Sidedoor: “If These Bones Could Talk

The Smithsonian Institution’s podcast Sidedoor is now in its second season, giving behind-the-scenes insights into its collections. “If These Bones Could Talk” asks of a skeleton now on view in the National Museum of Natural History: “Who is this dead man who is on public display at the Smithsonian?” His name is Robert Kennicott, and the 19th-century Smithsonian scientist was not only prolific as a collector, having contributed objects to every museum department, he died mysteriously, with Smithsonian researchers only recently unraveling his final days.

Centre Georges Pompidou in Paris (photo by the author for Hyperallergic)

The Urbanist: “Out of the Box

Hosted by Monocle editor Andrew Tuck, “Out of the Box” from The Urbanist podcast asks what you may have pondered when gaping at a peculiar public art project or brutalist behemoth: “How did that get built?” In four chapters, listeners hear about the impossibility of architectural congruity in Belgrade, the strange appearance of giant mushrooms in the streets of Alicante, Spain, and the audacity of ugly buildings. The last stop is Paris, where the Centre Pompidou has been a divisive building since its 1977 opening, and what this means ahead of its upcoming renovation.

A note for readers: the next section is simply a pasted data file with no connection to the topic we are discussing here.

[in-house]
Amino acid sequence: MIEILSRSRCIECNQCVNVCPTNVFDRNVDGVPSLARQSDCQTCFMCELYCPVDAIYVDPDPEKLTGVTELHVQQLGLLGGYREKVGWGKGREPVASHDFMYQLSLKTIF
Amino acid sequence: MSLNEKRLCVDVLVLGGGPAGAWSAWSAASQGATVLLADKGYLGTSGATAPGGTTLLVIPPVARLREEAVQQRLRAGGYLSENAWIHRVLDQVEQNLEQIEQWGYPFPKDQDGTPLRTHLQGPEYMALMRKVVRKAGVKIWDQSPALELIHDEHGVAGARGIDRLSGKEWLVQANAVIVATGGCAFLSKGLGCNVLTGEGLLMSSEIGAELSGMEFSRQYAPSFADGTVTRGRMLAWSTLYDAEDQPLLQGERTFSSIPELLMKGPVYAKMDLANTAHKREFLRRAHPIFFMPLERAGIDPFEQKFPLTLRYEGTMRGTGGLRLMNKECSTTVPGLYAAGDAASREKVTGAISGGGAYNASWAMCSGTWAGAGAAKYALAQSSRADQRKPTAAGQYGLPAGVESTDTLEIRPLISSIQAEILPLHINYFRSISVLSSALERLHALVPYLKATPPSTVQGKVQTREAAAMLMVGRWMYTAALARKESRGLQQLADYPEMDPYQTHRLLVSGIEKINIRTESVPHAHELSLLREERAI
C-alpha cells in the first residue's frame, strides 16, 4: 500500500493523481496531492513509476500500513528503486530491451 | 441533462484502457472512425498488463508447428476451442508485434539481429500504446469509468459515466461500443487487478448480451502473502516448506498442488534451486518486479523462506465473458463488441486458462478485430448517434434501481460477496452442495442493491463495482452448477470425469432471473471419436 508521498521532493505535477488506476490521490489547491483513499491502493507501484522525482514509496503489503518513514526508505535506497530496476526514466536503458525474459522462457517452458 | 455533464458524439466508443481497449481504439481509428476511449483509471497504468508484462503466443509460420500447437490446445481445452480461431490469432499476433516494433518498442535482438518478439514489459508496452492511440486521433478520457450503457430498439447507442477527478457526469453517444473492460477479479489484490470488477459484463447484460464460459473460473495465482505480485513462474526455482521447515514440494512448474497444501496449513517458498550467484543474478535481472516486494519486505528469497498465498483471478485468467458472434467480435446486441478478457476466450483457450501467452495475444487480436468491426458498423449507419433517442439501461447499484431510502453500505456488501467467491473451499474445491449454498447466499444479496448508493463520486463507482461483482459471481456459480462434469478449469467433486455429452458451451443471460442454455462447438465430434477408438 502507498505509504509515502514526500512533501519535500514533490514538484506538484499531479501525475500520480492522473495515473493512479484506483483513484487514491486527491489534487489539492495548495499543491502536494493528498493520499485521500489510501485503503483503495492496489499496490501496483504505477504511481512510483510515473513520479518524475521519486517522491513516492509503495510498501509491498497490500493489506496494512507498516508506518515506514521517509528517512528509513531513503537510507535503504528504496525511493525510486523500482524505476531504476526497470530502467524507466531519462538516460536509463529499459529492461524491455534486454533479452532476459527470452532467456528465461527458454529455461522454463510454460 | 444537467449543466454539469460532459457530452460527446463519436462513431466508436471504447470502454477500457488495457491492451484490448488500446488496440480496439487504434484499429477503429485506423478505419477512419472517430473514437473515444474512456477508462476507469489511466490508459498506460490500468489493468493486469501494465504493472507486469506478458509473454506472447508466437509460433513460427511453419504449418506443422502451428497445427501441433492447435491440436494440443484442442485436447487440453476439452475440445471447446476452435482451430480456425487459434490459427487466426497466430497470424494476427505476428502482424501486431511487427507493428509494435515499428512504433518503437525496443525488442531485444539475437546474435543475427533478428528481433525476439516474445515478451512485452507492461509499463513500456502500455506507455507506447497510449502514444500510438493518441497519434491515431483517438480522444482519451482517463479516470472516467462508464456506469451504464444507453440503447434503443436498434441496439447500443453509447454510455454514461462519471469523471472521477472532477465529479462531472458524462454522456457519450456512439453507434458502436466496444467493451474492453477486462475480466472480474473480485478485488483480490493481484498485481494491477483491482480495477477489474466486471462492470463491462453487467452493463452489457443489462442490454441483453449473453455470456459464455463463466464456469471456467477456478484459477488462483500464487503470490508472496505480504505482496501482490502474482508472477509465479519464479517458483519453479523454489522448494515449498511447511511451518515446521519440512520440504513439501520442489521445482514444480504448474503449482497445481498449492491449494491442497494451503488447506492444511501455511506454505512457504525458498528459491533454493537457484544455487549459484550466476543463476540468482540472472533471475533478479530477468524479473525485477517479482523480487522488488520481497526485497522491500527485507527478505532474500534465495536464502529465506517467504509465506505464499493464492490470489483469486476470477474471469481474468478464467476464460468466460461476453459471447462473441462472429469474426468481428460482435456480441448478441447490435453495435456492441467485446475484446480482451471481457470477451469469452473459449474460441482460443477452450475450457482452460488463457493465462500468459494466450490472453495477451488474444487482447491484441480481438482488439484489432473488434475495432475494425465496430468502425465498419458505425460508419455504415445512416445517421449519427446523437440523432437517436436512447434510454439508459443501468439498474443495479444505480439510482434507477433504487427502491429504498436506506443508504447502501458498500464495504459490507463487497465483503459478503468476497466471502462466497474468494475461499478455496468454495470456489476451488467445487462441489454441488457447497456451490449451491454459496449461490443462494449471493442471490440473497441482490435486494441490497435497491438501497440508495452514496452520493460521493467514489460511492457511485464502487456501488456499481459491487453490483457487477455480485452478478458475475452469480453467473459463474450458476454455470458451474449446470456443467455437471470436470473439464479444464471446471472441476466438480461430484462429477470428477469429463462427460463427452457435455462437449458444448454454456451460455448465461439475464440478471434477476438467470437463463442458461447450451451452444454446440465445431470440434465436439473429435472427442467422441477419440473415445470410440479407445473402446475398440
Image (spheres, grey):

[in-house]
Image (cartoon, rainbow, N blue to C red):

The Organist: “Baptism of Solitude

Paul Bowles is most famous for his 1949 novel The Sheltering Sky, centered on an ill-fated tourist trip to Morocco, Niger, and Algeria; less known are his 1950s music recordings he created through a grant from the Library of Congress while living in Tangier. On the “Baptism of Solitude” episode of The Organist, a podcast presented by McSweeney’s and KCRW, writer Brian Edwards takes a listen to these recently released tapes. Sampling the sonic relics, there’s an audible portal into the past, yet one that demands acknowledging what it means to be an outsider documenting a culture, and how Bowles, traveling around in his VW bug, changed the music he so loved in this act of “preservation.”

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Allison Meier

Allison C. Meier is a former staff writer for Hyperallergic. Originally from Oklahoma, she has been covering visual culture and overlooked history for print...